Tuesday, June 24, 2008

Wizard Kings rebooted

It's interesting to see a game "rebooted" and head off into new directions.

It's a risky move for a game company, because it often tends to alienate people who liked the first version and it's hard to lure back players who didn't like the first version and have them give you a second chance.

Some reboots fall kind of flat, like the AH edition of Cosmic Encounter, which few fans think was an improvement over the Mayfair edition.

So the reintroduction of Wizard Kings, styled 2.0, by Columbia Games is an interesting experiment. Wisely, Columbia kept the component changes relatively small, so anyone who invested in Wizard Kings 1.0 could still use most of their stuff.

And the changes that were made were not wholesale concept re-imaginings, so players didn't need to relearn the game. But the changes were important, nonetheless, and changed the focus of the game significantly. Among the most important changes were stacking limits, the economic/build systems and the elimination of one race (the Ferkin warboars) for another (the human Feudals).

The original edition of Wizard Kings was essentially a two-player wargame, conceptually a magicked-up version of Victory: The Blocks of War. The base game had two armies, Elves and Goblins and players had the option for adding more by purchasing additional armies of Ferkins, Dwarves, Undead, Amazons and/or Barbarians; reinforcing forces of Chaos creatures with their own spells and more maps. The biggest weakness of the base game was that there wasn't really a good scenario and many players complained it seemed kind of boring.

Online scenarios soon popped up and many of those were creative and interesting. And many took advantage of the fact that there were seven different armies to play to create viable multi-player scenarios. Feeding off the resurgence in multiplayer gaming caused by the growth of euros, I think this became the preferred way to play for many people.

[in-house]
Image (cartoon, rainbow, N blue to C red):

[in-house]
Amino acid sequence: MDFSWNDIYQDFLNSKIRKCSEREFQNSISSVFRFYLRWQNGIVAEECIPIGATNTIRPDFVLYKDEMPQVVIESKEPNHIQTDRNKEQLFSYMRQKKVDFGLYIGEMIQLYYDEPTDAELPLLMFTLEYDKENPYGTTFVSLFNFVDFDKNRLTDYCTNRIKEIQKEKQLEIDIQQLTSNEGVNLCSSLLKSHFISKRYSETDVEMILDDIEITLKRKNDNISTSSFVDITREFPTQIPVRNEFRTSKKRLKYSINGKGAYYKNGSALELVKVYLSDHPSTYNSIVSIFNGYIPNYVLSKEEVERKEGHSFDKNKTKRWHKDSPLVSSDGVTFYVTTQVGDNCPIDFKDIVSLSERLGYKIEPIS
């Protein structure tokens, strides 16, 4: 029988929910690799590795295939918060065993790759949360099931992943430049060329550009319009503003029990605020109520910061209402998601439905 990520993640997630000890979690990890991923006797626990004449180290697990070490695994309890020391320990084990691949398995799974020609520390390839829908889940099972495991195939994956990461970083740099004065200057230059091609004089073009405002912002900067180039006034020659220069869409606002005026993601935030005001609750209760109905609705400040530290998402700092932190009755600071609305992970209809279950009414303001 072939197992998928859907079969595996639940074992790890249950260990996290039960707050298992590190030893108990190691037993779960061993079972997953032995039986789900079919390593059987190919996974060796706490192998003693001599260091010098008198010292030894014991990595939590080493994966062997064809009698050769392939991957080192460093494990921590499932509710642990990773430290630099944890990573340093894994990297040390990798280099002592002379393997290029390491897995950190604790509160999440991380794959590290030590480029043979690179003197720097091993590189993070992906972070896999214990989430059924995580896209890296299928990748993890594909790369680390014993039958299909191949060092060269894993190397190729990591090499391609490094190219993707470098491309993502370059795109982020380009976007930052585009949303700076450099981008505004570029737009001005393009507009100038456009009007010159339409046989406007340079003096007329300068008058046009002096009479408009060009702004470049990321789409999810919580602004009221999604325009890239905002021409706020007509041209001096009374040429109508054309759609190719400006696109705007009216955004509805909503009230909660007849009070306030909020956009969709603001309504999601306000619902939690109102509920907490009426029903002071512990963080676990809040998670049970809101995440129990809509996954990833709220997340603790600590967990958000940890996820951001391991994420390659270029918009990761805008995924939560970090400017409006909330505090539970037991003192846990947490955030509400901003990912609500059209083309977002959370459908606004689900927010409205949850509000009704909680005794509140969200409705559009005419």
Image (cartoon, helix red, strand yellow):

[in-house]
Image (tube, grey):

The 2.0 version of Wizard Kings is, at heart, a multi-player wargame. All seven races are now in the base set with small armies and there is just one kind of expansion set Heroes & Treasures, which adds two new units for each army and stickers and blocks to give each army one additional special unit such as a chaos creature (stripped of their old spells) a treasure or other item such as portable gold and silver treasures caches.

There's a "collectible" aspect to these expansions in that the exact contents are random and vary between boxes without being known to the purchaser beforehand. This is mitigated by the fact that all units are valued on the same basis in the game system without any strange rarity or overwhelming power.

The focus of the scenarios (in the base game, four 2-player battles) is now on short, sharp actions, instead of the longer, full-scale wars encouraged in 1.0. The reduced stacking and hexside limits have the effect of increasing the power of the stronger pieces because it's harder to swarm them with lots of low value units. Because the battles are smaller, there's also a bigger luck element and more chance for extreme results.

It appears that this reboot has been a success. There seems to be renewed interest in Wizard Kings. The 2.0 version seems a better match for the theme and the game's potential.


  1. I've already stated in my own blog that I consider the lack of discussion of the collectible nature of the game (it's barely mentioned in the rules) to be bordering on fraud, and I stand by that. The few decent improvements, such as gold to allow you to reinforce existing blocks in places other than controlled cities is a joke - you have to pick a specific army to use it with, and you get *one* gold sticker per pack. I'd much prefer to be buying a complete army at a time - the whole idea craps all over the preset scenario concept.

    This is a game that went straight from shrink to sell pile for me, and the one attempt we made to play it two player felt pointless and repetitive. Maybe I'd have had a better opinion had I not felt so cheated - I'm even thinking of adding Columbia to my list of Companies To Avoid (along with Phalanx, Critical Hit, and Eagle), I'm so steamed. Too bad, as they have published a few classics - East Front, Rommel in the Desert, and Hammer of the Scots.

  2. This comment has been removed by the author.

  3. This comment has been removed by the author.

  4. Everything is still available from the company, so I can't send you scans.

    If you're interested inseeing what they look like there are scans of some components at the Columbia site and on BGG.